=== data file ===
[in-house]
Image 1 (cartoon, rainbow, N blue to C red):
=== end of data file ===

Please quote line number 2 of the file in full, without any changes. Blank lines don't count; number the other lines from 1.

Image 1 (cartoon, rainbow, N blue to C red):